Most Americans think church attendance is admirable, even if they don't go themselves


Despite fears about a decline in church attendance, the majority of Americans believe that going to church is an admirable thing to do, a new study has found.

According to Lifeway Research, two-thirds of Americans consider church attendance admirable, and only one in ten (11 per cent) say it's useless.

Researchers polled 1,000 people in September 2014, and even of those who didn't identify with a religion, 43 per cent agreed that going to church was admirable, while 80 per cent said it was acceptable. Less than one in three (29 per cent) branded it useless.

However, Scott McConnell, vice president of Lifeway, said: "Americans have a much more optimistic view of the people and practice of attending church than they do of the health of the church.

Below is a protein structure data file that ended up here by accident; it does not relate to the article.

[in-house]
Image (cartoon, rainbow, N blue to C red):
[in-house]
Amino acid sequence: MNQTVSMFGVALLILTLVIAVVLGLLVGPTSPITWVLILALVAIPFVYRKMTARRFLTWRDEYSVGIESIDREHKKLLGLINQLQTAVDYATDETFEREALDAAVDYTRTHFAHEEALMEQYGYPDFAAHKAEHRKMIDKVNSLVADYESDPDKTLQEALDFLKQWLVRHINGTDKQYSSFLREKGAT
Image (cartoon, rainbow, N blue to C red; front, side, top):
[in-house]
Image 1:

"Church attendance is much like regular exercise and driving the speed limit. People do not live out everything they admire."

More than half of those surveyed said they believed the church was in decline, with 42 per cent saying it was dying. 27 per cent said they think church attendance is outdated and that figure rose to 34 per cent of 25-34 year olds, and 31 per cent of Catholics.

Though a majority (54 per cent) of over 65s considered going to church an expectation, the same was not found of any other age group, but McConnell said this was a good thing. "I don't think evangelicals would want that to be the reason people go to church anyway," he explained.

The fact that the Church has lasted for over 2,000 years "proves it is not a fad" he added.

"Some Americans feel cultural expectations to attend church, but our recent research shows that those who actually do attend hold more closely to the teachings of Jesus Christ."